First Neuralink Patient ‘Controls Mouse With Thoughts’

Image credit: Neuralink brain implant

First human recipient of Neuralink brain implant can ‘control a computer mouse with their thoughts’, as company begins trials

The first human being with a brain implant from start-up Neuralink has recovered and is able to control a computer mouse with their thoughts, Neuralink owner Elon Musk has said.

“Progress is good, and the patient seems to have made a full recovery, with no ill effects that we are aware of,” Musk said in a Spaces event on X, formerly Twitter, late on Monday.

“Patient is able to move a mouse around the screen by just thinking,” he added.

Musk said Neuralink was trying to get “as many button presses as possible from thinking” from the patient and that this could include moving the mouse up and down to drag boxes on a screen.

Image credit: Neuralink brain implant
Image credit: Neuralink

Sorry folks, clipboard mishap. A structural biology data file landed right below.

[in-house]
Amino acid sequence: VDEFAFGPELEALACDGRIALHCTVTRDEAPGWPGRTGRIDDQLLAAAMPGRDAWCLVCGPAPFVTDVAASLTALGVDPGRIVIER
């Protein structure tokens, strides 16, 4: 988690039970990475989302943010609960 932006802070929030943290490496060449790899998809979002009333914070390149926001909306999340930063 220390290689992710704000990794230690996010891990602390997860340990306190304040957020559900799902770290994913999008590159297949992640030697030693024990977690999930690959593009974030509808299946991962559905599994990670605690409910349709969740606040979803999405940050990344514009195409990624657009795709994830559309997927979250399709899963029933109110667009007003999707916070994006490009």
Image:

Neuralink said late last month it had implanted a human brain with a test device for the first time after obtaining permission from the US Food and Drug Administration (FDA) last May to test its chip on humans.

The company was given the go-ahead in September to begin recruitment for a human subject.

Musk said at the time Neuralink’s first product would be called Telepathy and would enable “control of your phone or computer, and through them almost any device, just by thinking”.

He said initial target users would be those who had lost the use of their limbs.

Six-year study

In the past Musk has said he wants Neuralink ultimately to provide devices that can be easily attached to the brain to treat conditions such as obesity, autism, depression and schizophrenia.

The firm has now begun a six-year study in which a robot is used to surgically place 64 “ultra-fine and flexible threads”, each thinner than a human hair, onto part of the brain that controls “movement intention”.